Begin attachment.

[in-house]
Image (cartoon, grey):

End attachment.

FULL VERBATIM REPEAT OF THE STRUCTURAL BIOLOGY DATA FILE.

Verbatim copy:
[in-house]
Image (cartoon, grey):